Shocker: current Hall of Famers happy no one got elected yesterday

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This Associated Press report is full of living Hall of Famers crowing about yesterday’s Hall of Fame shutout. I won’t quote Goose Gossage because just about everyone in the planet has run his over-the-top rebop by now. Do remember, however, that prior to his induction Gossage believed that the Hall of Fame should open its doors to everyone and since his induction he basically thinks only he, Babe Ruth and maybe Willie Mays belong.

Other Hall of Famers, however, were just as pleased as Gossage. Take Al Kaline, for instance:

“I’m kind of glad that nobody got in this year,” Kaline said. “I feel honored to be in the Hall of Fame. And I would’ve felt a little uneasy sitting up there on the stage, listening to some of these new guys talk about how great they were.”

His later comments in the article make it clear that his discomfort is due to PEDs, but that doesn’t explain why watching Craig Biggio — a guy, like Kaline, who hung on and got 3,000 hits — would upset him so.

Dennis Eckersley joined the chorus too:

 

Seems right. Guys who are suspected of PEDs are bad. Almost as bad as players who make 13 year-old kids buy pot for them and then defend their actions by saying “I don’t recall anything from over 20 years ago. That’s what I’m sticking to.”  Really: the baseball writers had no problem with the character of a guy who turned teenage team employees into drug mules and then offered a statement that makes Barry Bonds’ flaxseed oil story seem like the Sermon on the Mount, but Mike Piazza and Jeff Bagwell get blackballed because they heard a guy say that he knew a guy who says that maybe they used steroids once.

It’s all too much. So thank God for Juan Marichal, who won’t play along with this nonsense:

“I think that they have been unfair to guys who were never found guilty of anything. Their stats define them as immortals. That’s the reality and that cannot be denied … What we’re witnessing here is innocent people paying for the sinners.”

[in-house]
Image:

Look Juan, you have to understand: there is a price to be paid to keep Goose Gossage happy, and we should all just accept that, OK?

The Cubs send Kyle Schwarber to the minors

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Kyle Schwarber broke into the bigs in 2015 with a big bat. After missing almost all of the last season with an injury, he reemerged as a postseason hero, posting a .971 OPS in the World Series. As 2017 began he was supposed to be one of the key parts of a potent Cubs offense.

Then the baseball games actually started and he has hit a mere .171/.295/.378. Indeed, he has the lowest batting average among qualified MLB hitters in 2017. Given that he has very little if any defensive value, he has been a significant drag on the Cubs, who are just a single game over .500.

Now this:

The Cubs are also putting Jason Heyward on the disabled list, so the outfield is a bit of a mess these days. Lucky for them, they’re only trailing the Brewers by a game and a half.

The A’s designate Stephen Vogt for assignment

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A surprising move out of Oakland: the Athletics have designated catcher Stephen Vogt for assignment.

Vogt is suffering through a bad season at the plate, hitting .217/.287/.357, so on the basis of pure performance it’s understandable that the A’s may want to part ways with the 32-year-old former All-Star. That said, Vogt is considered to be a leader in the Oakland clubhouse and is one of the last players remaining from the A’s 2013-14 playoff teams.

Catcher Bruce Maxwell has been recalled from Triple-A to take Vogt’s place on the roster. Main catching duties will belong to Josh Phegley.